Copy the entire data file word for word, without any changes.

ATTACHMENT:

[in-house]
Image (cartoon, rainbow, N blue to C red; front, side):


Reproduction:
[in-house]
Image (cartoon, rainbow, N blue to C red; front, side):